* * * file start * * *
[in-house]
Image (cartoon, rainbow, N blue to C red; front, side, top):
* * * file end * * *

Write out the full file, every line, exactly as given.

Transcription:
[in-house]
Image (cartoon, rainbow, N blue to C red; front, side, top):